Just over a year ago, I got prescription glasses. For years, I hadn't been able to see distant objects very well, and over time I also had trouble reading street signs or words on the TV.
I spent $500 on my new glasses. That's a good chunk of money that I'd normally never drop on one single item, except for maybe a plane ticket. MAYBE.
But I figured these specs would last me for years, so I may as well splurge on designer frames. And, while I was at it, get the best "glare free" fancy pants lenses too.
For a few months, life was grand with my new glasses. People said they made me look hip. And cute. And I, in turn, felt hip and cute.
Then we got Seamus the puppy who promptly found my glasses and chewed on them. The left arm (stem? stick? what is that called?) came off and he left little tooth marks on the lenses.
Angry, I ignored Seamus for a few hours. He didn't seem to notice. How does one teach a dog not to chew glasses? It's probably easier to teach a human not to leave her glasses on the coffee table.
I threw my mangled glasses into a drawer, figuring I'd get the arm re-attached...eventually. After all, I'd spent years squinting to read the menu at Starbucks, I could certainly handle it again.
I handled it for, oh, 6 months.
I know, I am a horrible procrastinator.
Finally, after nearly turning the wrong way down a one-way street, I decided it was time to get my glasses repaired. So on my lunch break one day last week, I drove them to Lenscrafters, where I'd purchased them in the first place.
"My dog ate my glasses," I announced to the woman at the front desk. God, I'm so adorable.
"Oh dear. Well let's see."
I opened the case to produce the chewed frame and the detached arm. For effect, I separated the two pieces by a few inches when I set them on the counter.
"Now, we can't fix those here, but..." What? Why not? Are you not a maker of glasses? Do you not have tools? "Here is the business card of Joe Roberts Optical. It's on Magnolia. He should be able to solder that back on."
So I drove to the block of Magnolia where I thought I'd find this store. I parked my car and then walked up and down the street, but I didn't see it anywhere.
Finally, I spotted what looked like the door to a small storefront, but was actually more of an open archway that led to a secret courtyard filled with many blue doors. There were all sorts of businesses hiding back here. Accountants and talent agents and chiropractors. And it looked as though nothing had changed since the 60s --faded signs, cracked paint. It was eerily silent. No one else was walking around. I felt as though I'd stumbled upon a hidden time portal. (That last statement gives you some indication of how desperate I am for a little adventure in my life.)
I found Joe Roberts Optical at the end of one of the corridors. I opened its blue door and walked into a teeny tiny room with two chairs and a torn leather couch. The walls were covered by wood paneling and signed headshots of old actors, presumably Mr. Roberts' patrons.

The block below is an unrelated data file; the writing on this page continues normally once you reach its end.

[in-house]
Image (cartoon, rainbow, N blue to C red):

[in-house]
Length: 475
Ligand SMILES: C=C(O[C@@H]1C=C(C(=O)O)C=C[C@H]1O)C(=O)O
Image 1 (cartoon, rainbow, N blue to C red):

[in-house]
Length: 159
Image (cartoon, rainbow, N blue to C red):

No one was in the room to greet me. To my left there was a doorway into a small office with a desk and 2 chairs. And behind that, another doorway leading to a back room. What a weirdly deep space.
I stood there silently, looking at the headshots in the front room. George Burns! Huh.
"Hello?" I heard a man's voice from the back room.
"Come in, sit down."
I presumed he meant for me to enter the room with the desk, so I did just that. At the same time, an old man came through the doorway to the back room. He struggled to walk, and used the handle of the open door to support himself. It made me sad.
We met on opposite sides of the desk in the center of the room. He was completely adorable.
"My dog ate my glasses."
Just as I'd done at Lenscrafters, I dumped my mangled glasses onto the desk. He picked up the pieces and examined them. "Well, I can't solder this."
Crap. I imagined this meant the frames were now totally useless and I'd have to drop $500 on a new pair.
"You see, if you solder it, it will melt this plastic. But I can try to dig up another one of these (he held up the detached arm) and attach that instead."
"You mean find some random piece and attach it."
"Yes. If I can match the color close enough."
So I left my glasses there for him to fix. And by fix, I mean attach some foreign arm that came from who knows where, thereby negating the entire point of designer frames.
A few days passed and I called to check up on my glasses.
"Are they ready?"
"I think so."
"Ok...can I come get them?"
"How much will it be?"
"Twenty dollars." Score! Suddenly I didn't care what my glasses looked like. I'll put up with a lot for a good bargain.
I made my way back to his store and he greeted me. His shakey hand held out my glasses.
"Here. Try them on."
I wanted to look at the new arm a little better, but didn't want to give the impression that I cared about it. So I put the glasses on.
When I did, he smiled. "Good as new."
And so now I have these glasses with two different arms. The new one is tortoiseshell, whereas the original is solid brown. And the new one has this little metal diamond on it instead of "Ralph Lauren." And also the new one is sort of sticky, like it had been wrapped in tape.
But that's okay. Because I like Joe and his tiny store in the time portal.
Also, it's physically impossible for anyone to see both sides of my head at once. So no one will ever know about my Frankenspecs.